Peabody and his boy, Sherman.


Medium: Television animation
Produced by: Jay Ward
First Appeared: 1959
Creator: Ted Key
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Set the Wayback Machine for 1959. That's when Jay Ward's Peabody's Improbable History began.

Peabody was a …

continued below

… cartoon series about a time-travelling dog and his pet boy, Sherman. Using Peabody's "Wayback Machine", the pair would take jaunts through history, and usually wind up instrumental in making events come out "right", i.e., the way they're depicted in history books. The 91 four-and-a-half-minute episodes always ended with atrocious puns.

Peabody was one of the back-up segments in several of Ward's cartoon shows, starting with Rocky & His Friends. It continued when, in 1961, that half-hour series switched from ABC to NBC and was retitled The Bullwinkle Show. From 1964-67, reruns of it became part of The Hoppity Hooper Show, which aired on ABC, Saturday mornings. Finally, episodes were re-packaged into The Dudley Do-Right Show, which was on ABC in the 1969-70 season. Nowadays, it's seen as part of the Bullwinkle show on Cartoon Network.

The cultured voice of the dog, Peabody, was provided by co-producer Bill Scott, whose other voice credits include Bullwinkle, Dudley Do-Right, and Cap'n Crunch's arch-enemy Jean LaFoot. (And by the way, Peabody is named after Scott's pet pooch.) It's widely believed that Sherman's falsetto was provided by June Foray (Rocky's voice), but this is incorrect — Sherman was actually voiced by character actor Walter Tetley, who had earlier done the voice of the Walter Lantz studio's Andy Panda. Foray was the voice of most female characters, while the male historical figures were done by Paul Frees, voice of Ludwig von Drake, Dinky Duck and Boris Badenov.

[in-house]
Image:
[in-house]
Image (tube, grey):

Ted Key, the cartoonist behind Hazel, whose brother Leonard worked with Jay Ward, is credited with having created Peabody. Actually, his main contribution was the dog that had a boy, rather than vice versa. The rest of the scenario was added in development, with a few ideas from other proposed cartoons thrown in. As it wound up, it owed quite a bit to a series of vignettes that appeared in the 1950s and '60s in The Magazine of Fantasy and Science Fiction. "Through Time and Space with Ferdinand Feghoot", by "Grendel Briarton" (a pseudonym — and anagram — of author Reginald Bretnor, and no relation) placed its eponymous hero in a wide variety of historical and science-fictional settings, usually as an excuse to deliver a pun at the end. Take away the futuristic settings and add a dog and his boy, and Feghoot becomes Peabody.

Whatever its source, the Peabody cartoons are well remembered by the generation that first watched them. "Set the Wayback Machine" has become a familiar phrase for recalling times gone by.


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Text ©2000-08 Donald D. Markstein. Art © Jay Ward Productions.